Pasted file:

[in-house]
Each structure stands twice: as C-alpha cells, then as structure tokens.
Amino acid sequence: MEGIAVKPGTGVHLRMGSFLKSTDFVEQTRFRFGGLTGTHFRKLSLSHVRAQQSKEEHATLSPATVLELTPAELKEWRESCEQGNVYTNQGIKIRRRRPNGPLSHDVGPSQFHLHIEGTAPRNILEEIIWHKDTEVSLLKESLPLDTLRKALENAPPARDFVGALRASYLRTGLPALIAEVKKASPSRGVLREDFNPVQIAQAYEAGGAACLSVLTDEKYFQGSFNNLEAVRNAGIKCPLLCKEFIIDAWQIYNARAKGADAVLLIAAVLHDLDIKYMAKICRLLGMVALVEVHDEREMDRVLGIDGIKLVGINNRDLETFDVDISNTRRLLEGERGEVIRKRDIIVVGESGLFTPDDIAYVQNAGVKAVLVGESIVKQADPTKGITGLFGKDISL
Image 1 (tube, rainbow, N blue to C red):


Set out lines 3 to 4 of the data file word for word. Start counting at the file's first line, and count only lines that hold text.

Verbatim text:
Amino acid sequence: MEGIAVKPGTGVHLRMGSFLKSTDFVEQTRFRFGGLTGTHFRKLSLSHVRAQQSKEEHATLSPATVLELTPAELKEWRESCEQGNVYTNQGIKIRRRRPNGPLSHDVGPSQFHLHIEGTAPRNILEEIIWHKDTEVSLLKESLPLDTLRKALENAPPARDFVGALRASYLRTGLPALIAEVKKASPSRGVLREDFNPVQIAQAYEAGGAACLSVLTDEKYFQGSFNNLEAVRNAGIKCPLLCKEFIIDAWQIYNARAKGADAVLLIAAVLHDLDIKYMAKICRLLGMVALVEVHDEREMDRVLGIDGIKLVGINNRDLETFDVDISNTRRLLEGERGEVIRKRDIIVVGESGLFTPDDIAYVQNAGVKAVLVGESIVKQADPTKGITGLFGKDISL
Image 1 (tube, rainbow, N blue to C red):